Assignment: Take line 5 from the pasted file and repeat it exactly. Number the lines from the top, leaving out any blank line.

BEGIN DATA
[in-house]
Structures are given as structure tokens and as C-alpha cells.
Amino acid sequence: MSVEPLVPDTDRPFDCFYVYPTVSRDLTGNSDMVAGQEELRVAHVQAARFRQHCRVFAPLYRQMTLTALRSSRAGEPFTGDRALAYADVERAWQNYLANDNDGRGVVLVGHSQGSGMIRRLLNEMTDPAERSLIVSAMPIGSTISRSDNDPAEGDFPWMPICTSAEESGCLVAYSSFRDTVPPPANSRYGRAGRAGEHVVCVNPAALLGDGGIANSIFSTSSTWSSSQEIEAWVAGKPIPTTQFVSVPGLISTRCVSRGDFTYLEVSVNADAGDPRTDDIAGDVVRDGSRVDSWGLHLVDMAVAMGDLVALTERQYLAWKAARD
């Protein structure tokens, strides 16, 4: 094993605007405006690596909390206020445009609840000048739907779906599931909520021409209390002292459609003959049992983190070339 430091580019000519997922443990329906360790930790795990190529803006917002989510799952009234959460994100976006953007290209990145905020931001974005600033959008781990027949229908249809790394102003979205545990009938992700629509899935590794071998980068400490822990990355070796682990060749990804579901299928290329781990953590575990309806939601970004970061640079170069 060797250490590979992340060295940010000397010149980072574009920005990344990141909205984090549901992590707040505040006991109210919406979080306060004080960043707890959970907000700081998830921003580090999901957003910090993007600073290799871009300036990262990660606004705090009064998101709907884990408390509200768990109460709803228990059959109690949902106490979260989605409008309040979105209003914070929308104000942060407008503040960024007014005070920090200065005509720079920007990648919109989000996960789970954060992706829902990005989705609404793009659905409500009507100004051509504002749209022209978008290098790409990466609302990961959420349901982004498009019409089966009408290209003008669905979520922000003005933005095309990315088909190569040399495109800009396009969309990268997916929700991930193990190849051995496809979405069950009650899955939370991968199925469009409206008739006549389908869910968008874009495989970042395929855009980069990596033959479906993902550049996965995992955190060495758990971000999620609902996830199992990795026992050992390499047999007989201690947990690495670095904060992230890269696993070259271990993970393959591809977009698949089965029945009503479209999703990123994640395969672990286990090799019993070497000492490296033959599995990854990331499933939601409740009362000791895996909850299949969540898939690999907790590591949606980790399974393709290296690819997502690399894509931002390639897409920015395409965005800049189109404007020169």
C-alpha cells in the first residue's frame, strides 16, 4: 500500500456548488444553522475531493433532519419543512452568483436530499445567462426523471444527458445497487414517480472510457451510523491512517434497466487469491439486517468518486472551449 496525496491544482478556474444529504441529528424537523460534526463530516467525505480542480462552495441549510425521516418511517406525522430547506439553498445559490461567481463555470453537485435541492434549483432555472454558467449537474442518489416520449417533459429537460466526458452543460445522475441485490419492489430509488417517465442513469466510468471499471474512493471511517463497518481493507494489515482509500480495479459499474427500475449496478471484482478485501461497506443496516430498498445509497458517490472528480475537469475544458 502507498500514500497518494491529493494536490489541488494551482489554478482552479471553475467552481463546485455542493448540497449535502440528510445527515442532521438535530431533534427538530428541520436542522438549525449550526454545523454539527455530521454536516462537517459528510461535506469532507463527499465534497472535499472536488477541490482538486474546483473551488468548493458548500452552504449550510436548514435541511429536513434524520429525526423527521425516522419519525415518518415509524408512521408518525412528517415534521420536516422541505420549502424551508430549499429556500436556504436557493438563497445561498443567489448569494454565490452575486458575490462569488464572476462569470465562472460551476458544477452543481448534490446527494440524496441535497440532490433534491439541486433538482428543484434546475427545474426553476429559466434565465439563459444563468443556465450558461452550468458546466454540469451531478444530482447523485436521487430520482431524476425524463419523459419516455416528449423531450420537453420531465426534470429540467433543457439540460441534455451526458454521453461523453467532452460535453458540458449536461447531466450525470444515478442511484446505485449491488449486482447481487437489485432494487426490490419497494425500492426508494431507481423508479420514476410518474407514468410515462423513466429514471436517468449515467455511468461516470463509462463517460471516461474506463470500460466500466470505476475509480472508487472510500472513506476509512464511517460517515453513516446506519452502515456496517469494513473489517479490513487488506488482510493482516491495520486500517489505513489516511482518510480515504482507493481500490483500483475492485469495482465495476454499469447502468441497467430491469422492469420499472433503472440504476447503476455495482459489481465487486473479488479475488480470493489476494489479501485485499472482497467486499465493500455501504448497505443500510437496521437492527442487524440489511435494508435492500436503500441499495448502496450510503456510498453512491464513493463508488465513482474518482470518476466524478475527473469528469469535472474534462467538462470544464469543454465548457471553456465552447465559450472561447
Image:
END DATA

C-alpha cells in the first residue's frame, strides 16, 4: 500500500456548488444553522475531493433532519419543512452568483436530499445567462426523471444527458445497487414517480472510457451510523491512517434497466487469491439486517468518486472551449 496525496491544482478556474444529504441529528424537523460534526463530516467525505480542480462552495441549510425521516418511517406525522430547506439553498445559490461567481463555470453537485435541492434549483432555472454558467449537474442518489416520449417533459429537460466526458452543460445522475441485490419492489430509488417517465442513469466510468471499471474512493471511517463497518481493507494489515482509500480495479459499474427500475449496478471484482478485501461497506443496516430498498445509497458517490472528480475537469475544458 502507498500514500497518494491529493494536490489541488494551482489554478482552479471553475467552481463546485455542493448540497449535502440528510445527515442532521438535530431533534427538530428541520436542522438549525449550526454545523454539527455530521454536516462537517459528510461535506469532507463527499465534497472535499472536488477541490482538486474546483473551488468548493458548500452552504449550510436548514435541511429536513434524520429525526423527521425516522419519525415518518415509524408512521408518525412528517415534521420536516422541505420549502424551508430549499429556500436556504436557493438563497445561498443567489448569494454565490452575486458575490462569488464572476462569470465562472460551476458544477452543481448534490446527494440524496441535497440532490433534491439541486433538482428543484434546475427545474426553476429559466434565465439563459444563468443556465450558461452550468458546466454540469451531478444530482447523485436521487430520482431524476425524463419523459419516455416528449423531450420537453420531465426534470429540467433543457439540460441534455451526458454521453461523453467532452460535453458540458449536461447531466450525470444515478442511484446505485449491488449486482447481487437489485432494487426490490419497494425500492426508494431507481423508479420514476410518474407514468410515462423513466429514471436517468449515467455511468461516470463509462463517460471516461474506463470500460466500466470505476475509480472508487472510500472513506476509512464511517460517515453513516446506519452502515456496517469494513473489517479490513487488506488482510493482516491495520486500517489505513489516511482518510480515504482507493481500490483500483475492485469495482465495476454499469447502468441497467430491469422492469420499472433503472440504476447503476455495482459489481465487486473479488479475488480470493489476494489479501485485499472482497467486499465493500455501504448497505443500510437496521437492527442487524440489511435494508435492500436503500441499495448502496450510503456510498453512491464513493463508488465513482474518482470518476466524478475527473469528469469535472474534462467538462470544464469543454465548457471553456465552447465559450472561447